4 August 2014

Finding Vivien Maier 1

The cliché of the suffering artist, locked away in their room, unappreciated. We love it don’t we? The art critic, Rene Ricard, describes it so well in the 1981 essay he wrote about Jean-Michel Basquiat, entitled ‘The Radiant Child’, where he first coins the term, ‘The Van Gogh Boat’.

“Everybody wants to get on the Van Gogh Boat. There is no trip so horrible that someone won’t take it. Nobody wants to miss the Van Gogh Boat. The idea of the unrecognized genius slaving away in a garret is a deliciously foolish one. We must credit the life of Vincent van Gogh for really sending that myth into orbit.”

We buy into stereotypes, foolishly at times. Yet deep down we know that in this day and age it is so rare for a true talent not to be uncovered. So what is so remarkable about Vivian Maier? Well, it’s how little interests she shows towards the fame and fortune of artists like Van Gogh. Vivian kept her passion for photography largely unseen from the world, as interviews with friends and former employers reveal what a secretive individual she was.

John Maloof, director of Finding Vivian Maier, bought a box full of her negatives for around $400 at a Chicago auction back in 2007. Since then John has documented, archived, and collected Vivian’s work, exposing her to the world. Apposing what friends portray as Vivian’s reticent nature. Maloof’s benevolence towards Maier is an intriguing sub plot to this documentary. However you do really have to swagger through the self-indulgence in which Maloof narrates his account to feel any remote respect for what he’s achieved. He asks us though, smugly, “Why do we take photos?” Answering, “If it’s not for our selves and others to see and appreciate, then why is it?”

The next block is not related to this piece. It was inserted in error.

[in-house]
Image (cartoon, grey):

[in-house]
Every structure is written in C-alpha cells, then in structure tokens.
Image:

Focusing back on Vivian herself, this documentary provides a worrying insight to her detriment. Certain eccentricities such as talking in a questionable French accent, and obsessively hoarding over newspapers lead us to question Maier’s mental health. However her passion and devotion to documenting the world around her demonstrates a true voyeurism and empowering sentiment. Maier’s trademark Rolleiflex portraits, normally shot from a low viewpoint, have captured a host of spellbinding images of American life during the second half of the twentieth century, making her one of the most notorious and talked about street photographers today.

Finding Vivian Maier is a pleasant testament to the artist and is definitely worth a watch, if only to familiarise yourself with her comic eye, and ability to get close to an array of fascinating individuals. Yet I do speculate whether Maloof has forced Maier to take a horrible trip on the Van Gogh boat, or done something truly wonderful by sharing her photographic talents with the rest of the world?

Open Eye Gallery’s Director Lorenzo Fusi will present a short lecture on Vivian Maier’s photographic practice before the screening on Tuesday 5 August.


Ashleigh Owen's website is ashleighowen.com


Tickets for the special Discover Tuesday screening of Finding Vivian Maier, introduced my Lorenzo Fusi are available now from the Box Office, online and by phone on 0871 902 5737